The Getty continues to be in the news, but not for the reasons it cares about. Just a week ago, the L.A. Times published a detailed report alleging that numerous items in the museum's collection of Greek and Roman antiquities had been illegally excavated in Italy, smuggled out of the country, and sold to the Getty by shady dealers who falsified the documents about the origins of these artworks. As the result of a prolonged investigation by Italian authorities, some prominent international antiquities dealers were indicted and others were arrested. Consequently, Getty Antiquities Curator Marion True, who acquired a number of such artifacts through these dealers, was indicted by Italian authorities, as well, and her trial is scheduled to begin in November in Rome.
And if that's not enough, on Monday the L.A. Times had on its front page another bombshell, announcing Marion True's resignation for improprieties in obtaining a $400,000 loan to buy a vacation home in the Greek Islands. The initial loan was obtained with the help of a lawyer who was introduced to her by one of the dealers from whom the Getty had been buying ancient artifacts, which was clearly in breach of the museum's policy avoiding even the appearance of a conflict of interest. According to the L.A. Times, the museum knew about this loan for three years but for reasons unknown, has acted only now. In what's become a pattern, the Getty has declined to comment.
Obviously it's more than a coincidence that on the very day of the announcement of Marion True's resignation, the Associated Press reported that the Getty Museum "will hand over three ancient artworks that are part of a group of artifacts allegedly stolen from Italy." Italian officials are travelling to Los Angeles to receive these artifacts "within the next few days." There's new information reported today by the L.A. Times that the museum came to its own conclusion that these three items have a murky, questionable history of previous ownership and though unrelated to the stolen artifacts allegedly acquired by Marion True, that they should be returned to their country of origin. Obviously the Getty officials intended that this gesture be a sign of good will with the Italian government, but not as an admittance of any wrongdoing. That brings to mind recent corporate financial scandals, where officials would strike a deal paying huge settlements without actually admitting guilt. So far the Italians have accepted the offer, but indicated that it does not in any way change their plans to proceed with the trial of the former Getty curator.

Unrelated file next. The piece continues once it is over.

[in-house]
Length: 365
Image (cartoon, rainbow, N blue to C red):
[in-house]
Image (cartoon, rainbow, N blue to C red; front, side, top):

Colleagues of Marion True come to her defense. John Walsh, the former Director of the Getty Museum, sent out a long email detailing what he feels are a number of inaccuracies in the initial report by the L.A. Times on the Getty antiquities. And today's L.A. Times, in a welcome gesture of fairness, published a column by art history professor and archaeologist Malcolm Bell, who writes that it's thanks to the efforts of Marion True that in 1995 the Getty adopted a much more stringent policy of acquiring antiquities compared to other leading American museums. It was also on her watch that the museum returned several important works to Italy.
For a long time now, the Getty has been operating under a cloud of litigation compounded by the numerous sudden resignations of several senior staff members. These latest legal developments demonstrate that the lack of transparency and openness will only continue to hurt the Getty's reputation. The policy of "no comment" clearly doesn't cut it anymore. Let's hope that the newly appointed Getty Museum Director Michael Brand will be able to restore the museum's reputation and affect for the better the corporate mentality of the Getty Trust